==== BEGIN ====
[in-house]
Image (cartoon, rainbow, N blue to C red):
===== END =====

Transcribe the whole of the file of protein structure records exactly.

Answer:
[in-house]
Image (cartoon, rainbow, N blue to C red):